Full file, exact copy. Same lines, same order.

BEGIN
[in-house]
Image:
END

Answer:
[in-house]
Image: